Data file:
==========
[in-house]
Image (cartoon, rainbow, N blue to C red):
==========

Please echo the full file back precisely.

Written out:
[in-house]
Image (cartoon, rainbow, N blue to C red):